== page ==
David Kaminsky

Dear Asma,

I feel so honored and privileged to write this letter. You have been there for me through moments big and small and have played such a significant role in my life. What started off as an intellectual mentorship turned into a deep and meaningful friendship that I truly cherish. I feel this is a testament to your role in the classroom. I feel so lucky to have met a professor who cared so deeply not only about their material and classwork but their students’ well-being. I look back at those first classes I took with you and I remember how intimidated I was to say something wrong or foolish. But overtime I learned that I could participate and not feel out of place and that though you were quick to correct, you were also quick to allow people to form their own mind and opinions. Throughout my teaching career and life I’ve tried to find this delicate balance that you walked so well; to guide and stand up for what is right, but also allow people to reach their own conclusions.

I will never forget those classes and the environment they fostered. In some ways I feel like the material we covered doesn’t even matter (of course it still does), but you taught so much more than the class content. You taught me how to think. I remember coming home or sitting over the weekend and wrestling with these questions we discussed in class and thinking of how you or other students would respond to my ideas. I learned to think critically and analyze texts in a much deeper and significant way. Just as importantly, I learned to look at my own beliefs and why I actually believed in them in the first place. I had to defend and come to terms with why I thought the things that I did and seriously think about if there was room to change them.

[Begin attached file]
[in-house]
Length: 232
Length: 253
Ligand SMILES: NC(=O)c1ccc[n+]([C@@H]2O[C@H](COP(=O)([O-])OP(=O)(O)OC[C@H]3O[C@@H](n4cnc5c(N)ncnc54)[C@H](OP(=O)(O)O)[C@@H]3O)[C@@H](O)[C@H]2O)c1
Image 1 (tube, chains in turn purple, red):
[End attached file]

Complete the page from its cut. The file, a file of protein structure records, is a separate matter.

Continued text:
Besides being an intellectual and academic light to follow, you have also been so important to my life outside of the classroom. Many people have told me how amazed they are by your ability to understand other people. I’ve personally seen it in action when you’ve met someone for the first time and immediately hit the nail on the head about what feels like half their life story! In other words, I’ve always respected your ability to understand and recognize other people and feel so honored to maintain this relationship with someone I respect so deeply. I greatly appreciate the amount of care you have shown for me years after I’ve been in the classroom.

You’ve taught me how to think and how to learn, but also how to be a better person. I feel so indebted and have so much gratitude for what you have given me both intellectually and personally. Your presence on campus and in the classroom will be sorely missed. I wish you continued rigorous intellectual engagement and long-lasting health! I can’t wait to continue discussing hard challenges, academic debates, and life in general with you. From the bottom of my heart I send you my deepest thanks. Your impact on my life has been immeasurable and it has been quite the challenge to try and put all of this into words. Thank you for changing so many people’s lives, mine included, and I hope you enjoy retirement!

With much love,

David Kaminsky